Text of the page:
The immaculate little room looks like someone’s well-kept kitchen.
The walls are painted the color of fresh butter. The space is outfitted with a refrigerator, freezer, microwave, toaster and toaster oven. An impressive variety of baking mixes, noodles, soups and rolls fill the freezer and pantry. A sign on the wall reads: “Keep calm and eat a cupcake.”
NDSU Dining caters to needs
of allergy-sensitive students
The difference is that this isn’t a family’s kitchen, but a special, gluten-free room at NDSU’s Residence Dining Center. The baking mixes are made from ingredients like chickpea flour. And anyone who eats cupcakes in here will keep calm only if they know they don’t contain a speck of wheat.
NDSU added the gluten-free room in 2011 in response to students who had specific dietary needs. It’s just one example of the 21st-century college dining center, which offers wood-fired pizza ovens in a restaurant-like setting and a more inclusive attitude toward students with food allergies.
The university’s dining division has actually taken a fairly progressive step in declaring the entire Residence Dining Center as an “allergy-sensitive” and “peanut/tree nut-free” facility. And the staff takes its gluten-free mission seriously. The center’s gluten-free room is accessible only to the 27 of the 3,000 students on NDSU’s meal plan with diagnosed gluten allergies; they must use a special keycard to gain entry.
Even most food-service staff can’t enter the room, lest a flour-covered apron contaminate the wheat-free zone.
While “gluten-free” has become a bit of a buzz phrase, people with severe gluten allergies view it as anything but a fad. When someone with full-blown celiac disease eats gluten (a protein found in wheat, rye and barley), his or her body kicks into an immune response that attacks the small intestine. In the process, the villi — the finger-like projections lining the small intestine — are damaged, which causes malabsorption and nutritional deficiencies.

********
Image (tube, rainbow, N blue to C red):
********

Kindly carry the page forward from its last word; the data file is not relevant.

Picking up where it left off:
Some people are so allergic to gluten that they must avoid anything that contains the tiniest trace of it, including toothpaste, lipstick or glue on an envelope.
Others may have a gluten sensitivity, which means the protein can still trigger unpleasant or downright painful symptoms. The difference is that people with gluten sensitivity don’t seem to experience intestinal damage. Roxanne England is the licensed registered dietitian who is responsible for ordering the room’s provisions and counseling students with dietary issues like allergies.
Part of England’s job is to meet with students to discuss their allergies and help them develop a meal plan. She also is willing to meet with parents before their student starts school. Some students have multiple allergies, which can make their food choices especially complex.
England works to ensure that even the most food-sensitive of students has options. The good news is that the gluten-free market has exploded — estimated to grow from $10.5 billion in sales in 2013 to $15 billion in 2016 — so the variety of products keeps growing.
The room’s pantry, freezer and refrigerator are stocked with gluten-free soups, cereals, pasta, chicken strips, cinnamon rolls, tater tots, ice cream cones, waffles, pizza crust and pumpkin pie. The sandwich bar uses the same bread used in national sandwich chain Erbert & Gerbert’s gluten-free subs. “It’s delicious,” England says.
Students can heat up a ready-made treat or use the toaster, microwave, toaster oven and frying pan to make their own meals. A white board offers a place where they can jot down special food requests.
“This is probably better than home,” England says, smiling.
— Tammy swift